Getting Serious About Keeping Fossil Fuels in the Ground Means Getting Serious About a Just Transition

picketGetting Serious About Keeping Fossil Fuels in the Ground Means Getting Serious About a Just Transition

Reposted from Counterpunch 

As the climate crisis continues to deepen and as it becomes less and less plausible that current efforts to curb global warming will even come close to preventing our earth from crossing the 2 degree Celsius ‘red line,’ the climate movement has shifted towards a bolder vision for climate action. Virtually every pole of the climate movement has evolved towards a set of bolder, more urgent demands and the mantra ‘keep it in the ground’ has begun to dominate the discussion about fossil fuel extraction and use.

While this bold position certainly reflects the urgency of the threat of climate change, the immediacy of the demand presents a new set of challenges for the climate movement.  What happens to the millions of working families who are currently depending on incomes from jobs in and related to the fossil fuel industry? And what happens to communities whose economies rely on income from the fossil fuel industry and the low income workers as revenue dries up and energy costs rise?

According recent data from the BLS, 761,000 workers are employed in the extraction and mining sector and 116,700 workers are employed in the refining and processing sector in the United States alone. Each one of those direct fossil fuel industry jobs supports as many as 7 related jobs—from delivery drivers, equipment manufacturers, to the clerks at the mini-mart across the street from the power plant that workers stop into on their way to work.  In total, it is fair to say that more than 6 million workers rely on the fossil fuel industry for their livelihoods in the US alone.

If we are going to keep fossil fuels in the ground, what happens to those 6 million working families?

Most climate justice organizations have adopted some messaging around a call for ‘just transition’ for workers and communities that are impacted by a shift away from fossil fuels in their public platforms. But it’s not clear what this ‘just transition’ would actually look like or how it materially amounts to anything more than just a messaging point.

For many, the concept of a just transition evokes images of workers walking off of their jobs in coal mines and oil refineries and walking into a factory right next door building wind turbines or solar panels. Anyone with even a passing familiarity with work in industrial manufacturing knows that vision is a fantasy.

Setting aside the most important factor—those ‘green energy jobs’ simply don’t exist in the numbers needed to transition the number of workers currently depending on work in the fossil fuel industry—the skills fossil fuel industry workers have spent decades honing are often not immediately transferable to other industries, the wind and solar jobs that do exist are not generally in close proximity to where energy workers (and their families) live, Further, these jobs generally pay a fraction of the wages and benefits that the largely unionized fossil fuel workforce currently experiences.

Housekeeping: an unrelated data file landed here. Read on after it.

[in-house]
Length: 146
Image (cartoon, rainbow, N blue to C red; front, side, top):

The challenges of an abrupt transition away from fossil fuels will extend beyond just the workers who rely on incomes in the fossil fuel industry. As workers look to find new jobs, oil refinery and coal mining communities will find themselves struggling to provide basic services to residents as the primary sources of revenue dry up. While many in the climate movement envision a future where energy from renewables is available at the same cost–if not cheaper than–energy from fossil fuels, the transition will almost certainly be accompanied by at least a temporary spike in energy costs. Even a small spike in energy costs could spell serious trouble for low wage workers already living on the economic edge.

If the climate movement is going to get serious about keeping fossil fuels in the ground, the movement needs to get serious about cultivating a real vision for a just transition.  If we’re going to see coal-fired power plants and oil refineries and chemical plants shut down we need to have a real vision about what the future looks like for those workers, their families and their communities.

Anyone who has been involved in, or even around a plant closure or a mass layoff knows how disruptive and violent that transition can be.  There are too many a 40-something refinery workers forced to leave their job of 25 years with skills that aren’t directly transferable to other industries only to find themselves in poverty-level service sector jobs. There are too many factory towns turned into ghost towns as all of the families evacuated after the primary employer shut down and left town.  There are too many good people who’ve lost their jobs and couldn’t find ways to support their families that began to believe that suicide is the only way out.

The concept of a ‘just transition’ isn’t new. It was popularized in the 1980’s by Oil, Chemical and Atomic Workers (OCAW) leader Tony Mazzocchi. As Mazzocchi navigated a challenging time as a leader in an energy union during the rapid growth of the modern environmental and antinuclear movements in the United States he argued that workers who were displaced as a result of shifting energy sources deserved support in transitioning to new jobs. His initial proposal was for a Superfund for Workers, arguingthere is a Superfund for dirt. There ought to be one for workers.”

The idea that workers who are displaced as a result of public policy isn’t radical and it’s not a novelty.  Under the Trade Act of 1974 (and subsequent amendments) workers who are displaced as a result of trade are eligible for two years of unemployment compensation and two years of job training benefits. Even that falls far short in offering a smooth transition–particularly in communities experiencing concentrated unemployment caused by a plant closure impacting hundreds or even thousands of workers. Meanwhile, workers who are displaced as a result of environmental regulations are only statutorily entitled to 26 weeks of unemployment compensation.

Over the past three decades the concept of a just transition has gained popularity-if not specificity. The 2013 International Labor Organization passed its “Resolution concerning sustainable development, decent work and green jobs.” The resolution called for a just transition for workers whose jobs are eliminated as a result of environmental policy but appropriately noted that, “there is no ‘one-size-fits-all.’ Policies and programmes need to be designed in line with the specific conditions of countries, including their stage of development, economic sectors and sizes of enterprises”